Celiac Disease in Children and Adolescents with Type I Diabetes: Importance of Hypoglycemia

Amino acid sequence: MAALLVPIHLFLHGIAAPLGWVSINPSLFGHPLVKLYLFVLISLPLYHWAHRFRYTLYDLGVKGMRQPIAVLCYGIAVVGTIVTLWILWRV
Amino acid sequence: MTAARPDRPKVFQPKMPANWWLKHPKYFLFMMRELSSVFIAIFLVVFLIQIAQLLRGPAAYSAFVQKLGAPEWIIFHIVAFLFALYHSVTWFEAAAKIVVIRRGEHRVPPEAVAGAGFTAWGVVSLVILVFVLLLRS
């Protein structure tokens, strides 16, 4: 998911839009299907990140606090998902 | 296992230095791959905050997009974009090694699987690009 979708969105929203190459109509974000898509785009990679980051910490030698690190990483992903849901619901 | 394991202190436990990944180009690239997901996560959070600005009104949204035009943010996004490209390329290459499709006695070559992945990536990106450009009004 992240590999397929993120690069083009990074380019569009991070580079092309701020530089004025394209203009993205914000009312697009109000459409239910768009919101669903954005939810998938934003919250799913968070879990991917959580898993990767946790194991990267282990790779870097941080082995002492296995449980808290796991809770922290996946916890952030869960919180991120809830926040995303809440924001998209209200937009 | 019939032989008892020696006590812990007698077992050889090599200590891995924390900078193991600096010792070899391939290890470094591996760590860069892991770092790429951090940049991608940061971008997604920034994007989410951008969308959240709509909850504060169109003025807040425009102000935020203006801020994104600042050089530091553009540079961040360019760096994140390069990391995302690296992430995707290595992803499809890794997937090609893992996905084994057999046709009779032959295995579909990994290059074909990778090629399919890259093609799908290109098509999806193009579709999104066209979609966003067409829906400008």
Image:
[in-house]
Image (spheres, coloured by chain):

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BackgroundSymptomatic hypoglycemia is an unavoidable problem in the treatment of type I diabetes. Celiac disease is associated with malabsorption and may therefore represent an important risk factor.MethodsThe frequency of symptomatic hypoglycemia in patients with type I diabetes and celiac disease (cases) was compared with those of patients who had diabetes without celiac disease (controls). For this purpose, each case was matched for age, sex, and duration of disease with one to two control patients. Indices of metabolic control (hemoglobin [Hb]A1c, frequency of hypoglycemia, and total insulin requirement) were retrieved for the 18 months before and after diagnosis of celiac disease.ResultsEighteen patients (6 males and 12 females) had diagnosed celiac disease and were matched with 26 control patients (10 males and 16 females). There was no difference in age (11.0 years; range, 1.8–21.9 vs. 13.1 years; range, 2.3–22;P = 0.3) and duration of disease (8.4 years; range, 1.2–19.3 vs. 8.3 years; range, 1.1–18.7;P = 0.3) between the two groups. During the 6 months before and after diagnosis of celiac disease the cases had significantly more hypoglycemic episodes than the controls (means ± SD; 4.5 ± 4 vs. 2.0 ± 2.2 episodes/months, P = 0.01). This was reflected by a progressive reduction in insulin requirement over the 12 months before diagnosis reaching a nadir at time 0 (0.6 ± 0.2 vs. 0.9 ± 0.3, P = 0.05).ConclusionThese data suggest that underlying celiac disease is associated with an increased risk of symptomatic hypoglycemia and that the introduction of a gluten-free diet with normalization of the intestinal mucosa may reduce its frequency.

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